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Travel Fail: My Humiliating Mistake Ended up on National Television

All travelers, even professional ones (ahem, Fodor’s Editors) experience the woes of plans gone awry. In our new column, Travel Fails, we’re highlighting stories where everything went wrong.

Who Failed: Jesse Tabit, Social Media Manager

Where Was the Failure: Melbourne, Australia

How Bad Was the Failure (Editors rate the failure across five categories in our 0-5 Fail Scale):

Gross: 1

Scary: 0

Time-consuming: 0

Humiliating: 5

Painful: 0

Last year, I went to Melbourne, Australia, to see a friend from college. Among the many great surprises my friend had planned for me, there was one in particular that now really stands out in my mind. She introduced me to the Australian Football League (AFL) by taking me to a game at Melbourne Cricket Ground. Are you familiar with the AFL? I sure wasn’t.

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The AFL is to Australia as the NFL is to America, so this was kind of a big deal. Oh, and a thing to know about the AFL is that most Australians are into it. Actually, from what I could gather, everyone in Australia is into it. Everyone’s mother and their grandmother have THEIR team, THEIR players—it’s a cultural staple! There are also staples that go along with this staple, such as the packaged, hand-sized meat pies available at stadium concessions, which many attendees indulge in during games. Meat pies are to Australian football as hot dogs are to American baseball.

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I love a good meat pie, but I had never eaten one that was delivered to me hand-sized and packaged. I had also never been given specifically-packaged ketchup to apply on my packaged meat pie. So, upon receiving my pie and plopping down back in my seat, I removed it from the plastic casing, grabbed my ketchup—at the wrong end—and sprayed the jeans of the woman sitting next to me. I froze. This poor woman. My ketchup. My meat pie. Remarkably, she was unphased, caught up in the game in front of her. I eventually broke the news to her that I had accidentally poured ketchup on her chic jeans. She was very forgiving, and even smiled about it!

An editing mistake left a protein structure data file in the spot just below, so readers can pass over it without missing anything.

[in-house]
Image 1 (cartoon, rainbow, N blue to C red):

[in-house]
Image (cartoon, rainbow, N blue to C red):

“Great,” I thought, “Glad, my requisite socially-awkward-moment-of-the-day has come and gone,” but I could not have been more mistaken. Shortly thereafter, I noticed one of the players somewhat resembled a certain movie star, so I, a tourist, attempted to take a photo. Thankfully, our seats were front-row. Not-so-thankfully, I was captured live on national Australian television goofily leaned over in my seat, attempting to get the perfect shot.

So, here I was: an American who couldn’t properly eat a coveted (delicious) stadium snack and who “couldn’t be bothered to put down his phone for one moment to enjoy the game.”

To be honest, even after having watched it live, I’m not sure I can explain the rules of AFL—it’s like a mix between soccer, rugby, and American football (without the pads)—but what I can say is, please remember to look both ways before you eat your meat pie and/or stick your phone out for everyone to see.

Lessons Learned 

Look—and I can’t stress this enough—both ways.

Travel Fail: I Almost Got Arrested at a Bar in Tokyo

Who Failed: Rachael Roth, Editor

Where Was the Failure: Tokyo, Japan

Scale 0-5

Gross: 0

Scary: 4

Time-consuming: 3

Humiliating: 4

Painful: 2

During a trip to Japan, my friend and I took an overnight bus alone from Nagoya to Tokyo. We were without our guide (her sister, who is fluent in Japanese), but determined to navigate this pop culture wonderland without knowing a lick of the language. We got to the city at 5 am before so much as a cafe had opened, dazed from the journey—I fell asleep every time we rode the subway and nodded off before historic monuments. After a whirlwind 15 hours spent in crowded, seven-story shopping malls, accidentally stumbling into red light districts, and trying to find a modern art museum (this alone took hours), we craved a quick beer and a moment of relief before our bus back to Nagoya.

We found a small, darkly-lit bar patronized by five men, and sat down and ordered a beer each. The bartenders silently brought out peanuts and olives in small bowls, and we gleefully noshed on all of it, ignoring glares and murmurs aimed in our general direction. We were finally relaxed and elated—until the check came. Our total, for two beers, was over $100.

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We tried to communicate to the bartender that there must have been a mistake when he informed us of the cost of the peanuts and olives and that we were being charged a “sitting fee,” simply for being at the bar.

We only had enough yen to cover the beer and explained that we didn’t know about the sitting fee (which as it turns out, is common in bars in Japan). We played up our status as ignorant American tourists, unsure if this would work to our advantage or as a strike against us. Yelling ensued, and not just from the bartender—all of the other patrons got involved. Minutes into the screaming match, the situation escalated further: the bartender threatened to call the police unless we paid what we owed.

My friend and I were emboldened by our exhaustion, and mildly curious as to how this situation would play out, so we told them to go ahead and call!

This caught everyone off guard; after all, was all of this chaos really worth the $100? Soon, the (somewhat empty) threat to call the cops got became a less-calamitous threat of calling the manager, who emerged from the back. By some miracle, this man was our deus ex machina and accepted our meager bills and admittedly pathetic excuses. We paid him and ran like hell to catch our bus out of town.

Lessons Learned

Nothing in this life is free.

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